football Edit

Brennan bruised, battered as career comes to end

NEW ORLEANS -- In his three years at Hawaii, Colt Brennan set 31 NCAA records. Chances are, the one people will remember most will be his 131 career touchdowns passing.
In his final and most defining game, however, Brennan was shut out and unable to throw a single touchdown pass.
Instead, he was intercepted three times, fumbled twice and was sacked eight times by No. 4 Georgia in the Bulldogs' 41-10 victory over the 10th-ranked Warriors in the Sugar Bowl on Tuesday night.
Underneath his helmet, tears flowed and Brennan shrugged his shoulders with his palms upward as he walked off the field at the Louisiana Superdome, telling fans that he tried his best.
``Going into the game, this is the most calm, the most confident I've ever been,'' he said. ``Knowing it was my last game, I was so excited to get out there, and everything went south.''
After a three-year storybook run at Hawaii, where he had fully taken advantage of his second chance at football and life, Brennan's record-breaking career came to a merciful and tearful ending.
``For me, it's a gigantic disappointment,'' he said. ``I'm sure now it's going to leave me up for all the analysts and everybody to take their shots on me, and that's life. Luckily, I've been through a lot tougher things in life.''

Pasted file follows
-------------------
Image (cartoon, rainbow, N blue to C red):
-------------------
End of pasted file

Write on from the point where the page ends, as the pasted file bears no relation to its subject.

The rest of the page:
Throughout the game, Brennan shook his head, threw his arms up in despair and pointed to his receivers where he thought they should be.
Hawaii's high-flying offense, which averaged 529.2 yards and a nation-leading 46.2 points, had been grounded by the blitzing Bulldogs.
``You know what? I took one right in the mouth today,'' Brennan said. ``Luckily, there's always tomorrow and in the days to come, to get some more redemption.''
Brennan was blanked for the first time in his career in a game he played for more than a couple of snaps. He even had a touchdown pass in his first college game against two-time defending champion Southern California led by Matt Leinart and Reggie Bush.
On the biggest stage on his career, Brennan knew this was his chance to prove he can play with the best.
Instead, all he ended up hearing was the echoing chant of ``overrated'' from Georgia fans.
It wasn't all his fault. His usually sure-handed receivers dropped a few passes and his offensive line was dominated. Brennan was battered and dazed.
``It was the fastest team I've probably ever seen,'' he said. ``We just couldn't get into our groove and do what we wanted to do.''
A Heisman Trophy finalist, Brennan was 22-of-38 for 169 yards and lost two fumbles. The 169 yards was also the lowest total in a game he took most of the snaps.
His career, nonetheless, is still one of the best in college football history.
Brennan has completed an NCAA-record 70.4 percent of his passes for 14,193 yards and was responsible for 146 total touchdowns.
Warriors coach June Jones has repeatedly said Brennan is the best player in college football. On this night, Brennan wasn't even the best inside the Superdome.
Officially, his career came to an end with 14:32 left when he was sacked for the eighth time. Despite telling trainers he was fine, he was led off the field and replaced by backup Tyler Graunke.
As he was walked into the locker room, the first person that greeted him was Jones, who made Brennan an island icon.
``I'm proud of him and the career he had,'' Jones said. ``I wish he could have finished, obviously, better than he did tonight. But I think that had a lot to do with Georgia and not so much him.''